- By Isaac Stone FishIsaac Stone Fish is Asia Editor. A Mandarin speaker, he lived in China for seven years before moving to Washington DC. His articles have also appeared in the New York Times, the Economist, the Washington Post, and the Los Angeles Times, and he has appeared as a commentator on MSNBC, BBC, NPR, Al-Jazeera, and PRI, among others.
During a speech on Tuesday in honor of Jewish American Heritage Month, U.S. Vice President Joe Biden told his audience that the Jews "have contributed greatly to America. No group has had such an outsized influence per capita," inspiring the New York magazine headline, "Biden Praises Jews, Goes Too Far, Accidentally Thrills Anti-Semites."
But cringe-inducing philo-Semitism is not just a U.S. phenomenon. In a recently published memoir, titled A Collection of Works Written During Leisure Time, Wu Guanzheng, who from 2002 to 2007 was China’s top anti-corruption official, reminisces about his time in Israel. "I bought some books on the Jewish people," he writes. One, which he cites later, is written by someone with the name "Abraham" and called — you guessed it! — Why Are Jews Intelligent.
Wu notes how Jews "attach extreme importance to study" and how they see scholars "as their spiritual leaders." Somewhat ironically for the man who was once the seventh-highest-ranking figure in an authoritarian system, Wu also praises Jews’ ability to "speak truth to power" and "freely express different opinions."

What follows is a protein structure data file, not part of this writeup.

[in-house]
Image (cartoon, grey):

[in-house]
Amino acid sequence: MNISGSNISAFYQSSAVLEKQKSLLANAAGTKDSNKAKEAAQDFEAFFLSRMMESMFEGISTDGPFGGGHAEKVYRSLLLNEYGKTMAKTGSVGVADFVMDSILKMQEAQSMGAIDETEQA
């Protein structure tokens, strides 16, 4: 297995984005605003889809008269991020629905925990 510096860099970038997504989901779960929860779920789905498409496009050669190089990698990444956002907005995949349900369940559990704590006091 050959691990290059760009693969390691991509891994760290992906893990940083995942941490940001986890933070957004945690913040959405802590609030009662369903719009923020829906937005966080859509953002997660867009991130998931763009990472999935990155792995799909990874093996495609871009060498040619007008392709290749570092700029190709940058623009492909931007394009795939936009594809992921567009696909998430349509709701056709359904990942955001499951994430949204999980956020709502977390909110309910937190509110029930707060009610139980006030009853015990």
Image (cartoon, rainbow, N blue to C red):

Chinese are notoriously philo-Semitic. Jewish visitors are often greeted with the platitude, "Ah, Jews, you so easily make money" (no joke), and there are dozens of Chinese-language books promising insight into Jewish secrets like raising smart children, succeeding in business, or unlocking the moneymaking secrets of the Talmud.
Wu also tweaks China’s conventional wisdom about Judaism. "There are people who say that the world’s wealth is in the Jews’ pocket," he writes. "Actually, Jews’ wealth is in their own brain." (The line works better in Chinese, where Wu uses a word for brain that literally means "brain pocket.")
Many retired Chinese officials publish (or try to publish) books after leaving office. And it is required — or at least strongly recommended — that Chinese news outlets covering these memoirs say nice things about them. The People’s Daily, the official newspaper of the Communist Party, has applauded Wu’s book for exhibiting a "deep and true unaffected emotionality," while Xinhua, China’s state news agency, has noted how the book’s "sincere and honest" writing style has received attention "from all walks of life," which explains why the publishers issued 300,000 copies the first week after the release. (According to a write-up in China Publishing News Online, the book includes "essays, reflections, jottings, fiction, discussions" and features discursions on the legal system as well as "how to conduct oneself in society.")
The news website for Wu’s birthplace, part of the Jiangxi provincial city of Shangrao (a city I’d never heard of before, but which apparently has a population of more than 6.5 million people), published an article titled, "The Party Officials and Ordinary People of the Entire City Have Set Off a Popular Craze of Studying" Wu’s book.
The praise from Chinese state media does not necessarily mean the book is filled with drivel — Southern Weekly, a liberal newspaper that generally publishes less censored news than its competitors, remarked on its "unconventionality" in featuring a former member of the Politburo Standing Committee, China’s most powerful body, "exposing his inner thoughts."
Wu’s inner thoughts include a verdict on Franklin Delano Roosevelt ("excellent"), Bill Gates ("he stepped down to let talented youth take on heavy responsibility"), and retirement ("I look up and observe the universe, I look down and observe all living things — I feel totally full of vitality.")
And when he does look down and observe all living things, there’s apparently a special place in his heart for the Jews.